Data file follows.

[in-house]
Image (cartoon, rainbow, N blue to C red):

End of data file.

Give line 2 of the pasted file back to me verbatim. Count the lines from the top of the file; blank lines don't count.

Image (cartoon, rainbow, N blue to C red):